Buoyed by the '80s-era deregulation success stories of the natural gas, telecom, airline and trucking industries, the electric power industry, with the help of Congress, embarked on a similar path. The hope was that by breaking up the ownership of power generation and transmission, competition would spur new, investor-funded capacity, drive the development and deployment of new technology and — over the long run — drive down prices for consumers.

But it hasn't worked out that way. After decades of change that included the near-collapse of California's power industry and the power trading scandal at Enron, the industry is stuck halfway between a market-driven future and a state-regulated past.

“We have one foot planted firmly in traditional regulation, one foot planted in competition,” said Ken Malloy, founder of the Center for the Advancement of Energy Markets. “And (we have) very little enthusiasm for going further from regulation to the competition side and very little from the competitive side to back to regulation.”

Much of the savings to date has come from state-mandated caps and rate freezes that will soon expire — leaving power customers facing potential big increases in their monthly bills. If those caps are extended, utilities say they face big losses because competition hasn’t yet driven down the market price of the power they need to buy on behalf of their customers.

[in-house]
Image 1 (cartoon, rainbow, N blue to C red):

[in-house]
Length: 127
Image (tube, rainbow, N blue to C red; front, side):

Case in point: Last week top executives of the two big Illinois utilities told a committee of the state legislature that their companies will go bankrupt if lawmakers extend a cap on electric rates.

With elections just weeks away, Exelon’s Commonwealth Edison and Ameren Illinois are fighting a move by Illinois lawmakers to block a rate increase set to kick in when a 10-year-old law deregulating rates expires at year's end. ComEd Chairman Frank Clark said the state’s rate freeze would make life worse — not better — for consumers.

"They'll pay more all around and have less-reliable service," Clark said.

The move toward market pricing — which was supposed to lower rates over the long term —would mean rate increases over the short term, according to the companies. Starting in January, Illinois consumers face an average increase of between 22 and 55 percent compared with what they’ve been paying for the past decade. But ComEd has said it expects lose $1.4 billion if those increases are blocked. The company also faces cuts in its debt ratings if the freeze is extended.